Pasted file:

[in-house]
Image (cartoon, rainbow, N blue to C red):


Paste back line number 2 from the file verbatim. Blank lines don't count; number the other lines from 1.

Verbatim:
Image (cartoon, rainbow, N blue to C red):